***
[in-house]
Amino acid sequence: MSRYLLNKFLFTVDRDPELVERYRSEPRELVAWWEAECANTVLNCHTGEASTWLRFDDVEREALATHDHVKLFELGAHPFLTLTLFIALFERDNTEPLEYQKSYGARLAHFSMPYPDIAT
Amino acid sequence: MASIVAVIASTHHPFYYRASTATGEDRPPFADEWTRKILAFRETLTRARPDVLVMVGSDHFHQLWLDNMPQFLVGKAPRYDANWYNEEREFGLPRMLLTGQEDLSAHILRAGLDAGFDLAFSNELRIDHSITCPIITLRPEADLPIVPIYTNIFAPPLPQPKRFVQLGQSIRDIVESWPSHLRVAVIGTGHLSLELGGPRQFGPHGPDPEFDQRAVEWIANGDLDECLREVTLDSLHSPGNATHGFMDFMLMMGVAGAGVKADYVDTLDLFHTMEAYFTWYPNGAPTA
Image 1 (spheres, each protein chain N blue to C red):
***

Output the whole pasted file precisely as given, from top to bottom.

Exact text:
[in-house]
Amino acid sequence: MSRYLLNKFLFTVDRDPELVERYRSEPRELVAWWEAECANTVLNCHTGEASTWLRFDDVEREALATHDHVKLFELGAHPFLTLTLFIALFERDNTEPLEYQKSYGARLAHFSMPYPDIAT
Amino acid sequence: MASIVAVIASTHHPFYYRASTATGEDRPPFADEWTRKILAFRETLTRARPDVLVMVGSDHFHQLWLDNMPQFLVGKAPRYDANWYNEEREFGLPRMLLTGQEDLSAHILRAGLDAGFDLAFSNELRIDHSITCPIITLRPEADLPIVPIYTNIFAPPLPQPKRFVQLGQSIRDIVESWPSHLRVAVIGTGHLSLELGGPRQFGPHGPDPEFDQRAVEWIANGDLDECLREVTLDSLHSPGNATHGFMDFMLMMGVAGAGVKADYVDTLDLFHTMEAYFTWYPNGAPTA
Image 1 (spheres, each protein chain N blue to C red):